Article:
The first thing to say is that all such precognitive theories are, with at least some justification, regarded by the mainstream as pseudoscience. While we have learned that the trio of temporal causality, locality and realism cannot all be aspects of the underlying reality and we have no idea which is or are not, there are a good many theorems in quantum theory as to why the known forms of "quantum weirdness" cannot transport information backwards in time.
Having said that, several theories along the lines you propose have been put forward. First off the block, in 1927, was JW Dunne in An Experiment with Time (many subsequent editions). He proposed that our consciousness extends forward only along its own timeline, i.e. we can foresee or, in his case, dream of, only our own experiences in the future. We mostly don't see it because the brain is so busy paying attention to the present moment. He decided that precognition of near-future events was far more common and that quantum uncertainties provided the clue as to how it all faded off in the far future, but QM was not yet developed enough to say anything sensible. He also proposed infinite regresses in levels of time and consciousness. Dunne's theory was discussed at the time by philosophers of Time such as JA Gunn, MF Cleugh and CD Broad, but was not widely taken up and his infinite regresses were universally condemned.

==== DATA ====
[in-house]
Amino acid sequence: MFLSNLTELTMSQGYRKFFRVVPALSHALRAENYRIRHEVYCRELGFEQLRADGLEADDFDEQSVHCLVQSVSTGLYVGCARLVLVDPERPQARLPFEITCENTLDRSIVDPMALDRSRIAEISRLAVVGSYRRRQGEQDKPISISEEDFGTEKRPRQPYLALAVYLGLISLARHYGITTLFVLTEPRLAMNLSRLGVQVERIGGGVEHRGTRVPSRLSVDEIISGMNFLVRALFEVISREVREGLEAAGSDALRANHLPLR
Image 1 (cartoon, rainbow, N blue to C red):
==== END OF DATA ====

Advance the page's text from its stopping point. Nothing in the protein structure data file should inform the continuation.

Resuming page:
A more recent proponent, describing almost exactly your model, is psychologist Fernando de Pablos. See for example his Brain at Night: Scientific Foundations of Precognitive Dreams, Diego Marin, 2011, pages 236-7 (If you can get hold of a copy). However I find his arguments to be disorganized and unscientific. He also appears to have little expertise in QM. He cites several earlier books and papers of his (which I have not seen). Two which look like they might be relevant here are:
- "Spontaneous Precognition During Dreams: A Theoretical Model", ''J. Society for Psychical Research, Vol. 68, No. 4, 2004. pp.226-244.
- Precognitive Memory, Diego Marin, 2006.
Having said all that, quantum theory remains incomplete and continues to get ever weirder, while information theory is transcending its roots in telecommunications theory and beginning to influence the philosophy of artificial and even human intelligence. It is conceivable that the likes of Penrose may be on to something (though I regard his microtubule theories as lacking in a coherent philosophy of mind), and that some as-yet undiscovered quantum weirdness might allow conscious information to leak back in time.
But none of the theorists mentioned is or was a philosopher of any standing. I know of none such who have run with this kind of model.